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03-21-2008, 01:03 PM   #1
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Scanning the film

Not sure if this is the right topic, but I'm waiting for my MX-7 body and I also purchased a Canon 8800F scanner. I took some old films, shot with Minolta Dynax camera and tried to scan some pictures.
Here is one (River Themes - London, summer 2003):


Some post processing was done (saturation and sharpness). How do you guys get rid of this litlle tiny dust and hair on the film negative?
And, is it normal, that those scanned images are not sharp at all? Because prints of those negatives are amazing....

03-21-2008, 01:08 PM   #2
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FARE (Canon) = Infrared cleaning - Wikipedia, the free encyclopedia
03-21-2008, 01:57 PM   #3
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Dedicated film scanners usually provide superior performance in terms of sharpness and ease of use. They employ advanced methods for dust/scratch removal, as well as better optical quality. The only disadvantage is the price, typically 2 x -3 x more expensive than flatbed scanners.
After learning by doing, I have currently two scanners, a Nikon film scanner and a Canon flatbed scanner. The latter I only use for scanning prints.
03-21-2008, 03:18 PM   #4
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I scanned all my slides and negatives using a 2880 dpi minolta dimage II scanner.

each strip of negatives or each slide was handled with clean cotton gloves, and wiped off, then blown off after inserted into the carrier with dust off.

The results yeilded very few dust spots at all (about 20,000 frames scanned)

03-21-2008, 03:29 PM   #5
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I think what Deejjjaaaa is saying is that Canon FARE is like Epson ICE - it does a second scan of the negative in the infrared to detect dust, and then has an algorithm to fill in.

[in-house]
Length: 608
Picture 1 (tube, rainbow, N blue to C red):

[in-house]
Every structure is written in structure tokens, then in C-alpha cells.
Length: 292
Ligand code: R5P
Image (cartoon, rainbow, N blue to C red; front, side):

It works, in many cases. In others, I find epson's ICE gives me artifacts I don't like - mainly if there's a large sky area for example. (Sort of analogous to when dust on camera sensor is trouble)

The other way, and one I use a lot: spotting with the clone stamp tool in PS.

The cleaner you start the less there is to do.
03-21-2008, 06:49 PM   #6
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I have a HP scanner that does both slides and photos. Now from what I read and learned is that HP makes very good scanners but Very Lousy software. I was able to verify this by purchasing Silverfast SE software and what an amazing difference...A pro told me of this and he was spot on.

SilverFast: Scanner Software and Software for Digital Camera and Imaging :: LaserSoft Imaging
03-22-2008, 10:00 AM   #7
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I have been looking at the 8800F for scanning of my negatives, but I don't much like the result of this photo...
03-22-2008, 04:33 PM   #8
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QuoteOriginally posted by seamuis Quote
I have been looking at the 8800F for scanning of my negatives, but I don't much like the result of this photo...
I picked one up a couple of weeks ago. I'm pretty well satisfied with it. The dust correction thingy works pretty well. Of course, it helps a lot if one is attentive to reducing dust in the first place by using a blower brush on both sides of the negative strip.

I'm having trouble getting VueScan to work with it, but that's something I have to work out with the VueScan guy.




1953 Mamiya Six Model V (6x4.5cm)
Fuji Acros 100
2400dpi


03-23-2008, 05:31 AM   #9
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well that photo is quite impressive, but I think the 4400 would probably be all the scanner I need.
03-28-2008, 01:45 PM   #10